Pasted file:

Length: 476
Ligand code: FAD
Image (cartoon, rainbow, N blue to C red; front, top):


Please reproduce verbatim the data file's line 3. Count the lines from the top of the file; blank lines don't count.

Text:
Image (cartoon, rainbow, N blue to C red; front, top):